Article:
Writing about COVID-19 was something I wanted to avoid, but with many positives emerging from the pandemic, I did not want to let the opportunity slip by.
Many will just focus on what has been stripped from their life during the virus period, but if we all review our lives, many good things will have happened.
Speaking at an Agriculture Kangaroo Island conference several years back, I was delighted to be on the same platform as Nuffield Scholar David Reilly - a Riverland fruit grower, who specialises in growing dates.
David and his family had been through tough times due to water restrictions during the 10-year drought. Despite dire times, David remained positive.
At the conference, he put a slide on the screen which I will never forget - it said "Out of adversity comes the seed of an equal or greater opportunity".
Related reading:Life's setbacks offer useful lessons
The main thing that enabled David to see the opportunities was his positive attitude.
The last thing you ever want to do in a tough or difficult situation is to exercise self-pity and adopt the victim mentality.
The problem with becoming fixated on the downside is that it leads to negativity and that takes us nowhere.
While we are not out of the woods with this pandemic, it would pay to create a log of all the positive things that have come through the modification of our lives and lifestyle.
Having done that, comparing notes with other liked-minded people will result in a better toolbox of skills and ideas should the pandemic continue or reappear.
Sure, sacrifices have been made this year by countless individuals, but most have still had a good life by world standards.
It was not until my son Tim, a Melbourne-based advertising voice artist and AFL broadcaster's life turned "pear shaped" that I started to understand.
He and my daughter-in-law Alison have two children and they lived in Kensington, Vic, when the pandemic hit.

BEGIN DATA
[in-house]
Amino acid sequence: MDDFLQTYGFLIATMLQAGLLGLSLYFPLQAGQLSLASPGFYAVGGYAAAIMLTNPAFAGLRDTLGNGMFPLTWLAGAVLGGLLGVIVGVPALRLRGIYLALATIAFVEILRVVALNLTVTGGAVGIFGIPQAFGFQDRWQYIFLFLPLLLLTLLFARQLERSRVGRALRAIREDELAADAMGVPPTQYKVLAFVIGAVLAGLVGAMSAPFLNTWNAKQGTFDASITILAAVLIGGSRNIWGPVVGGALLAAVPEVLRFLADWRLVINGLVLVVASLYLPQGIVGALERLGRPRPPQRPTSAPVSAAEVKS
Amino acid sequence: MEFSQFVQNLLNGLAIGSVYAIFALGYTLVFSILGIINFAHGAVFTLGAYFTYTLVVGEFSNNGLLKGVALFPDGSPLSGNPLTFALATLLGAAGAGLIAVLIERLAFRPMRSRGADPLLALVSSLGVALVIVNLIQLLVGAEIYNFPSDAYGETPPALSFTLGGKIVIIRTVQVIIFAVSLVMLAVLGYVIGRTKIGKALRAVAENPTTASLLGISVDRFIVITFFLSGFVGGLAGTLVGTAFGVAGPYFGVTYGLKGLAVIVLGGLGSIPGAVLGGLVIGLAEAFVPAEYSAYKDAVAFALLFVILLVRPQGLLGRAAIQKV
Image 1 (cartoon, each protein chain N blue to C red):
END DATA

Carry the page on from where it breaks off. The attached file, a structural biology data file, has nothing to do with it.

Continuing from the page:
Related reading:Take action to stop negativity
Their sequence of battles commenced with their one-year-old son Harvey having a major health issue requiring hospitalisation in the Royal Children's Hospital.
No sooner had Harvey recovered and Alison contracted coronavirus, necessitating time in the Royal Melbourne Hospital. Unable to use her legs and arms, impaired vision and hearing and an inflamed heart made for a serious situation.
Tim had to step to back from his diminished work to look after the two kids and conform to COVID-19 rules.
Alison returned, still very ill, for two weeks of quarantine in the front bedroom of their home. No one could go out the front door for two weeks.
Tim was leaving meals at the bedroom door for Alison and he would take the kids to the front window so they could see their mum each morning. Neighbours were leaving food at the front door and between lockdown one and two, they sold their house and purchased another, requiring a shift in late September.
The frustrating thing was that we as a family could not go and help. As a family we were extremely proud of the way Tim and Alison coped.
While Alison has not fully recovered, she and Tim have a new understanding of resilience and what is important in life and have made several changes to ensure 2021 and beyond is much better.
I look forward to reviewing the year and making sure that I take on board all that can be learned from 2020.
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